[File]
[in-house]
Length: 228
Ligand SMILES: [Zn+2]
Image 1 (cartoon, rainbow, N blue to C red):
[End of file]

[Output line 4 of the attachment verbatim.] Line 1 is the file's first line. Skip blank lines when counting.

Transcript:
Image 1 (cartoon, rainbow, N blue to C red):